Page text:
The older I get, the more I marvel at life. And the more I value it.
Maybe that’s because I’m looking back at the nearly seventy years of my life that have already passed. No matter what, they are my personal history—events that cannot be changed, erased, or ignored. They are facts, not opinions—whether I remember them correctly or not—and they include the good, the bad, and the meaningless. Oh, and let’s not forget about the ridiculous.
That time-span is very, very finite even as it continues to expand one minute at a time. In the blink of an eye, “right now” becomes “just then.”
But I also value life because I’m looking forward to the remainder of my days, a portrait that’s still being painted, a book that’s still being written. The time I have left—maybe only hours or minutes—and the quality of that time are beyond my ability to predict. Or even to guess at.
What I can accomplish during my remaining time on earth is equally unknown. No matter how I hope and pray to be mentally alert to the very end and die peacefully in my sleep, the “information’s not available to the mortal man,” as Paul Simon once wrote and sang.
Life. Yes, I marvel at it. And I value it.
I used to think PETA, the animal rights group, was completely whacko. And I still do regarding most of their ideas. I’m not going to give up eating meat or start thinking that animals should have the same rights as people. That’s unbiblical.
God created the animals and placed them under man’s control. Even though Adam and Eve were apparently vegans until the first sin led to their expulsion from the Garden of Eden, they and their descendants didn’t remain vegans for long.
Although God specified the kinds of meat that shouldn’t be eaten, He didn’t forbid eating meat completely. And who but their Creator has the right to set the example of treating animals as animals? God clothed Adam and Eve in animal skins after they sinned and realized they were naked.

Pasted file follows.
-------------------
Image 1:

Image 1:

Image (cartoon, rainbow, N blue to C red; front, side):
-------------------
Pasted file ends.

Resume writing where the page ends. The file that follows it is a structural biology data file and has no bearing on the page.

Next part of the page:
Still, PETA has a point about the importance of creature lives.
I’ve recently had a problem with ants crawling up through the drain in the bathroom sink and walking around as if they owed the place. At one time I would’ve simply flushed them down the sink without a second thought.
I still rinse them away—who can stand having ants where they don’t belong?—but I no longer do it without thinking. Those tiny creatures are just as alive as I am, and death for them is just as real. How did God create such different creatures as humans and insects and give both of us life? For me, that’s just as much a mind blower as pondering the fact that plants and animals are both alive, but in such completely different ways.
I also used to feel neutral about abortion. So did a lot of other people who’ve come to recognize that life actually does begin at conception.
Yet it would seem that the abortion providers see their work as simply rinsing worthless ants down the drain. Why can’t they see the value of the lives they’re taking?
Hmm. I wonder how many members of PETA have had abortions. Or are they horrified at what’s being done to those tiny human “animals”?
I don’t know. Perhaps I don’t want to know.
But I’ll continue to be pro-life because I value life.
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